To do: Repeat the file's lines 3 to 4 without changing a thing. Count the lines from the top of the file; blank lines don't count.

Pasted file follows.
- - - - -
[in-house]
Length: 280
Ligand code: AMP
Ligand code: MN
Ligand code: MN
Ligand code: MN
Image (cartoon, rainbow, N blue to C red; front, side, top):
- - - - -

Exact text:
Ligand code: AMP
Ligand code: MN